ii) Abortion proponents don’t ascribe inherent worth to their babies.
iii) Actually, there is something to be said for valuing someone because they are valued by someone else. Take a son who introduces his friends to his father. Because of what the son means to his father, the father befriends the friends of his sons. He values them because he values his son, and they are valued by his son.
What could make anyone think such things? Ironically, I think the answer is: the same picture of morality that lies behind atheistic nihilism. It’s the view that the only kind of “obligation” there could possibly be is the kind that is disciplined by promise of reward or threat of punishment.
But that’s a typical atheistic caricature of Christian morality. Threats and rewards function as incentives or disincentives. They’re not the basis of morality.
Such a view cannot find or comprehend any value inherent in the nature of things, value that could warrant particular attitudes and behavior on the part of anyone who can apprehend it.
Notice how she keeps begging the question. Yet that’s the very issue in dispute.
For someone who thinks that another being’s pain is not in itself a reason to give aid, or that the welfare of a loved one is not on its own enough to justify sacrifice, it is only the Divine Sovereign that stands between us and — as Hobbes put it — the war of “all against all.”
i) She has yet to establish how that in itself is a reason to give aid. Suppose a suicide bomber is hurting. Is that a compelling reason for me to come to his aid?
ii) On a secular basis, why is the welfare of a loved one enough to justify sacrifice? That has emotional appeal, but how is that objectively obligatory? For one thing, your loved ones aren’t my loved ones. Why should I sacrifice for your loved ones? Or is she admitting that it’s relative after all?
D.C.T. says that it is God’s command that explains why the good acts are “good” — it becomes true merely by definition that God commands “good” actions...This makes for really appalling consequences, from an intuitive, moral point of view. D.C.T. entails that anything at all could be “good” or “right” or “wrong.” If God were to command you to eat your children, then it would be “right” to eat your children. The consequences are also appalling from a religious point of view.
i) That’s a straw man. There’s no reason to reduce Christian ethics to voluntarism. To some extent, moral obligations correspond to the nature God gave us. For instance, lions will kill the cubs of a rival lion. That doesn’t give me the right to kill the offspring of another man. For I’m not a lion. What’s permissible for lions isn’t ipso facto permissible for humans, given natural differences. And that, in turn, is grounded in how God designed different creatures.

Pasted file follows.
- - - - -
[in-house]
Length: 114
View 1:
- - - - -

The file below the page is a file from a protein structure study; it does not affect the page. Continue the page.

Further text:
ii) There is also the fact that, in varying degrees, creatures exemplify the goodness of their Creator. Like the relation of a painting to a painter. They reflect the wisdom of their designer.
If “good” is to have normative force, it must be something that we can understand independently of what is commanded by a powerful omnipresent being.
That confuses the ontology of ethics with the epistemology of ethics.
So what about atheism? What I think all this means is that the capacity to be moved by the moral dimension of things has nothing to do with one’s theological beliefs. The most reliable allies in any moral struggle will be those who respond to the ethically significant aspects of life, whether or not they conceive these things in religious terms. You do not lose morality by giving up God; neither do you necessarily find it by finding Him.
She hasn’t shown that there are any ethically significant aspects of life to respond to. You’d expect a secular ethicist to begin her article by making a case for secular ethics, then compare and contrast that to Christian ethics (or Jewish ethics, or what have you). But she never does. Instead, she cites some emotionally appealing examples of what she takes to be paradigm-cases of morality or immorality. But that’s just sentimental.